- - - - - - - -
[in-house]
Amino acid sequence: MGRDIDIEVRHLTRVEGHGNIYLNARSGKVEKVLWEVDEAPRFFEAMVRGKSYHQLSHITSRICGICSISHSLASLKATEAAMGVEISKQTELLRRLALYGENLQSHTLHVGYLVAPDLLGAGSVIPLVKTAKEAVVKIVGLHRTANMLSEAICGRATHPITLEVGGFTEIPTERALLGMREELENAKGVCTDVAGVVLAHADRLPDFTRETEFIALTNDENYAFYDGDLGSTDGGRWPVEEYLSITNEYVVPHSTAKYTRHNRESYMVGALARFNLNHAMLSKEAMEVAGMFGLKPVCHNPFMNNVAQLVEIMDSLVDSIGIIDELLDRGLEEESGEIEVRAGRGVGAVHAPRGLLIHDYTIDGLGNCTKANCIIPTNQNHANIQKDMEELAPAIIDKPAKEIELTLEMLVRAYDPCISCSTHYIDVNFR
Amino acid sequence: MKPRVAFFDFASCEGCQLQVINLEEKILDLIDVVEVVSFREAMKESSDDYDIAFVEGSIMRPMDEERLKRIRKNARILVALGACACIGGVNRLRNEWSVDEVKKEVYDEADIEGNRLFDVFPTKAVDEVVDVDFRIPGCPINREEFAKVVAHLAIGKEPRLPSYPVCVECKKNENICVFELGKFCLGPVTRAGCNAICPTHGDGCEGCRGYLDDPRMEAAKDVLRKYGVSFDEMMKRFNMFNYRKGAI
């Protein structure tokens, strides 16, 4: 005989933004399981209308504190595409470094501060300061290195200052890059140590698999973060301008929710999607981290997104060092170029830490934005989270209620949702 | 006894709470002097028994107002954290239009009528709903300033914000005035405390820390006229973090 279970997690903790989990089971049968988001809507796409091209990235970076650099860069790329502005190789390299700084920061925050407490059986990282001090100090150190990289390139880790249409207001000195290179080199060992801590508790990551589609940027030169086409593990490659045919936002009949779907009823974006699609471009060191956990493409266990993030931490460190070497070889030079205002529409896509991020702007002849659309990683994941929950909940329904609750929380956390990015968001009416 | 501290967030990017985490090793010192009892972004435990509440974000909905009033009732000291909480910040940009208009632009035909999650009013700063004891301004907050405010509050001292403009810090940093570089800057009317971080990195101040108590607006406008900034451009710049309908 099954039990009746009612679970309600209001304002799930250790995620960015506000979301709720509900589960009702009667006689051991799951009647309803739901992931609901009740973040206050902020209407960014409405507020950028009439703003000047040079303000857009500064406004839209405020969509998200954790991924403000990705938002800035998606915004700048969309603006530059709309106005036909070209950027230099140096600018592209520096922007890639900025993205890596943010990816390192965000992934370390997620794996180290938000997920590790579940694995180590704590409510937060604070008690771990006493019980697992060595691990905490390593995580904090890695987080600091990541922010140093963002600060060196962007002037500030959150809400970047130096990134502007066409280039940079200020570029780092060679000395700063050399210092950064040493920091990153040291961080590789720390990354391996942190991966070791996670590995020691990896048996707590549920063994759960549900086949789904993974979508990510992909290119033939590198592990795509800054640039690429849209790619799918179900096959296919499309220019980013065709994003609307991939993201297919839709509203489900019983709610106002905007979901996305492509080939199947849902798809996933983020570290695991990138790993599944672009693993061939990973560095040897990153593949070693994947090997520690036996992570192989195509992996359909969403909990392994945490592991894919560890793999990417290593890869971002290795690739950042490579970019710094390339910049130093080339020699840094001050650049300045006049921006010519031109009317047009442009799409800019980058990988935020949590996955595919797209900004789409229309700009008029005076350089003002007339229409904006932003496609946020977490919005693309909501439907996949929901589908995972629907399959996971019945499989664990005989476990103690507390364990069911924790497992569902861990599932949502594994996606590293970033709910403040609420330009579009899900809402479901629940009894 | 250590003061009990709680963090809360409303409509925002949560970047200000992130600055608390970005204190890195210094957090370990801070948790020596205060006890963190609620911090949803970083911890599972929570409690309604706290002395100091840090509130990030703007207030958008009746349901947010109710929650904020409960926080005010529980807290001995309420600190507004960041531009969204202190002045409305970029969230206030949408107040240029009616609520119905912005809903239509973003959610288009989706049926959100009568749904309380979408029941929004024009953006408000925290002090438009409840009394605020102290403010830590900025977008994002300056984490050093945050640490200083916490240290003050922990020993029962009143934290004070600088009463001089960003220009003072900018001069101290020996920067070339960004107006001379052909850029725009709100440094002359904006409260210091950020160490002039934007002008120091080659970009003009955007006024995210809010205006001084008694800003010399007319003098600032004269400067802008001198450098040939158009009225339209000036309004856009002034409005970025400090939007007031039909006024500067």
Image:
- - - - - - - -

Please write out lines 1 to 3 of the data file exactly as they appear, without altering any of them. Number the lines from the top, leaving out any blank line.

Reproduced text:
[in-house]
Amino acid sequence: MGRDIDIEVRHLTRVEGHGNIYLNARSGKVEKVLWEVDEAPRFFEAMVRGKSYHQLSHITSRICGICSISHSLASLKATEAAMGVEISKQTELLRRLALYGENLQSHTLHVGYLVAPDLLGAGSVIPLVKTAKEAVVKIVGLHRTANMLSEAICGRATHPITLEVGGFTEIPTERALLGMREELENAKGVCTDVAGVVLAHADRLPDFTRETEFIALTNDENYAFYDGDLGSTDGGRWPVEEYLSITNEYVVPHSTAKYTRHNRESYMVGALARFNLNHAMLSKEAMEVAGMFGLKPVCHNPFMNNVAQLVEIMDSLVDSIGIIDELLDRGLEEESGEIEVRAGRGVGAVHAPRGLLIHDYTIDGLGNCTKANCIIPTNQNHANIQKDMEELAPAIIDKPAKEIELTLEMLVRAYDPCISCSTHYIDVNFR
Amino acid sequence: MKPRVAFFDFASCEGCQLQVINLEEKILDLIDVVEVVSFREAMKESSDDYDIAFVEGSIMRPMDEERLKRIRKNARILVALGACACIGGVNRLRNEWSVDEVKKEVYDEADIEGNRLFDVFPTKAVDEVVDVDFRIPGCPINREEFAKVVAHLAIGKEPRLPSYPVCVECKKNENICVFELGKFCLGPVTRAGCNAICPTHGDGCEGCRGYLDDPRMEAAKDVLRKYGVSFDEMMKRFNMFNYRKGAI